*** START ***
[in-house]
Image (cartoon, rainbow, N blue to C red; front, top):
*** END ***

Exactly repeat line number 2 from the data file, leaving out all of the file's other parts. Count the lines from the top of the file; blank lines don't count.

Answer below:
Image (cartoon, rainbow, N blue to C red; front, top):